Election in Canada
Canadian PM Justin Trudeau’s Liberal Party can claim a disappointing victory in this year’s snap federal election.
The Liberals won 151 seats this year, short of the 170 required to form a majority government.
Trudeau will either remain in power of a minority government or appeal to a smaller party to form a coalition.
Since 2019, he has had to make compromises in policy, appealing to Conservatives, the New Democratic Party or the separatist Bloc Quebecois to get bills through.
On the back of a successful vaccination campaign this Summer, Trudeau thought a snap election could reconsolidate his power.
But the results say otherwise, showing no real change in public sentiment from two years ago.
The Conservative Party will remain in opposition, set to remain on 119 seats.
Conservative Leader Erin O’Toole will be disappointed with this result after failing to hold back the threat of the People’s Party splitting the right-wing vote.
People’s Party leader and former Conservative Maxime Bernier can sleep happily, even after not winning any seats.
850,000 people voted for his party this year, taking 5% of the vote, enough to prevent his former colleagues from returning to power.
No party can be truly happy with this result. Canadian politics remains static as no major party gets what they want.
This week, Jacobin Magazine said, “Trudeauism seems set to stumble on, albeit in zombified form.”
Jinping Addresses the World
On Tuesday, China President Xi Jinping addressed the 2021 United Nations General Assembly.
He was not expected to speak this week, with only a deputy premier due to speak Friday this week.
He spoke of the global tackling of Covid-19, his country’s efforts in preventing climate change and hinted at Chinese anger at foreign policy of certain nations.
Xi started his speech outlining the need for a “science-based approach” to tackling the pandemic, with an “enhanced coordinated global Covid-19 response.”
China will give 100 million vaccine doses to developing countries.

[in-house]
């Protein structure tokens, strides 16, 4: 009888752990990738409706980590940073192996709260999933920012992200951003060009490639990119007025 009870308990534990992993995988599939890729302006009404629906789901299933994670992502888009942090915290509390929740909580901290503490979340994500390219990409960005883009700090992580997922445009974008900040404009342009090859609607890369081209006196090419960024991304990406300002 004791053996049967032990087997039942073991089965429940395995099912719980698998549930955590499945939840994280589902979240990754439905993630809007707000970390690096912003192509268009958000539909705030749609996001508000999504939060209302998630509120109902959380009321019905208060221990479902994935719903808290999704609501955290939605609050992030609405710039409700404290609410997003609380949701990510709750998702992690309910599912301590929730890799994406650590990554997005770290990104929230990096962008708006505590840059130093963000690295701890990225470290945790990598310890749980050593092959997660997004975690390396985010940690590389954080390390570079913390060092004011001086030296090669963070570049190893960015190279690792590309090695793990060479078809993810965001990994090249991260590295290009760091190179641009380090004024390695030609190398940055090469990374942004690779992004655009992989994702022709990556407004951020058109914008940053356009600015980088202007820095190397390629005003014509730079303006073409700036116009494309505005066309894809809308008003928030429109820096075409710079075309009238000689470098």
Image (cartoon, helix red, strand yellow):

Xi avowed his country’s pledge to peak carbon emissions by 2030 and to be carbon neutral by 2060.
China will also no longer fund coal-fueled power projects abroad.
The reason Xi addressed the world so suddenly was probably to speak about recent developments in the global power structure.
Between the lines, the Chinese President spoke about the American Afghan pull-out and the AUKUS security pact between the US, UK and Australia.
Xi said, “Military intervention from the outside and so-called democratic transformation entail nothing but harm.”
He continued, “China has never and will never invade or bully others, or seek hegemony.”
After anger at “Cold war games” after the AUKUS nuclear submarine pact last week which will threaten China’s influence in the Pacific, he said, “We reject the practice of forming small circles or zero-sum games.”
In his address to the UN assembly, Xi depicts a China determined to get its message across in a time where countries are looking for where the global balance of power will shift.
France, Russia and the Power Vacuum in Mali.
Mali PM Choguel Maiga on Monday alluded to a partnership with Russian private military company ‘Wagner’ during a French withdrawal from his country.
Mali is currently ruled by a military junta after two coups and a growing threat of a jihadist insurgency.
In June this year French President Emmanuel Macron announced that the army of 5,000 would be slowly withdrawn and replaced by an international coalition.
The coalition will train and accompany local forces, but only where local forces already exist.
On Sunday to reporters, Maiga said, “If they decide to leave tomorrow, what do we do?
“There are zones that are abandoned that need to be occupied today.”
Kremlin backed Wagner Group has left five African countries with records of political interference and human right abuses since 2014, the Central African Republic only this Summer.
On Tuesday, France threatened they will pull-out immediately if any deal is made between the Malian government and the paramilitary group.
France, Germany and the USA have warned against a Malian deal with the Kremlin as global oil instability is threatened by Russian influence in the country.
Two million people have been displaced in the Sahel region near the Sahara Desert.
As the international coalition stays close to locals, insurgents will gain territory in Mali.
Wagner Group would put more boots on the ground, at the cost of increased Kremlin corruption and a “goodbye” to Mali’s Western Allies.
With another French soldier dying in South Mali this Saturday, Western countries will have to decide if they’re out, or all in.